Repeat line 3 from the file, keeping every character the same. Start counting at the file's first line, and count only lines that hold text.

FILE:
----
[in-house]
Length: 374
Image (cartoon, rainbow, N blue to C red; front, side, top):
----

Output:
Image (cartoon, rainbow, N blue to C red; front, side, top):